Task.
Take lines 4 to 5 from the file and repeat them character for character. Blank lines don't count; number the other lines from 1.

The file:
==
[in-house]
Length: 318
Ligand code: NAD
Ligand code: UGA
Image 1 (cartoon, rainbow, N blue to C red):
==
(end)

Ligand code: UGA
Image 1 (cartoon, rainbow, N blue to C red):